20 Jul THE FINANCIAL REVIEW: Interviews RSP and clients Ann and Michael Coughlan
The Australian Financial Review (20th July 2015 : page 33) has exclusively interviewed Ian Robinson, director of Robinson Sewell Partners, to provide a granular insight into the activities of savvy farmers strategically positioning themselves to renegotiate stronger financial funding platforms for their respective businesses. Being agribusiness finance specialists, Robinson Sewell Partners has detailed why farmers are focusing on this aspect of their business and what they seek to achieve out of the process. It is clear from the commentary that the economic results fall truly in favour of the farmer.
Australian Financial Review 20th July 2015
By: Matthew Cranston
Australia farmers are reconsidering their loyalty to banks, bringing more beneficial lending terms and saving hundreds of thousands of dollars.
Agribusiness finance specialist Robinson Sewell Partners has negotiated $325 million in loans for clients in just four years and says the growth in its business is just beginning as the traditional farmer becomes more aware of the increasing number of lenders and borrowing tactics.
Its clients include cattle breeders Michael and Ann Coughlan, whose Tarabah Livestock business owns 5000 head of cattle near Holbrook, south of Wagga Wagga. They have been buying rural properties in southern NSW including the recent multimillion dollar purchase of nearby Tiverton station.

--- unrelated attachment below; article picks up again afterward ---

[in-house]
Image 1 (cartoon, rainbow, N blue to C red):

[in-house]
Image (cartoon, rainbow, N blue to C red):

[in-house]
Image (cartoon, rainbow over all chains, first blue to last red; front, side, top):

“We have bought a lot of properties in the past 10 years and we have borrowed to do that,” Mr Coughlan said, “And you don’t have to get a much better [borrowing] margin for that to be worth a lot more money to you.”
He said having a former banker help guide him through his options with his current bank made the process considerably easier.
“It’s been like walking into a room that is less like a David and Goliath situation,” Mr Coughlan said.
He said the whole industry was changing as more choice was being created.
“I don’t know if rural businesses are as loyal to their banks as they used to be. In fact, I think the whole industry has become a lot more fluid in making decisions – they are much more likely to go to the lowest cost provider.”
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Australia’s broadacre debt is estimated by to have remained largely unchanged during fiscal 2014, averaging $512,500 a farm in June last year, according to government research body ABARES. Total rural debt sits at more than $60 billion with about $25 billion wrapped up in farmland ownership.
Robinson Sewell Partners director Ian Robinson said his business had never been so busy and he was now looking for bankers to join him.
“Having negotiated on $325 million in loans, we represent just 5 per cent of the market so we are only just warming up,” Mr Robinson said.
He said knowing which bank a farmer should approach in the banking system was critically important.
“Creating healthy competitive tension via a formal tender process drives good corporate governance to ensure the client can make a rationale decision as to which is the best bank for their business.
“The financial success of this process is tangible and measurable,” he said. “The economic savings then becomes an annuity which flows straight to the client’s bottom line as additional profit, year in year out.”